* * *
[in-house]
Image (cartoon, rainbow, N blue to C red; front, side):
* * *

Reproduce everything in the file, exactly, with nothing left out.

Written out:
[in-house]
Image (cartoon, rainbow, N blue to C red; front, side):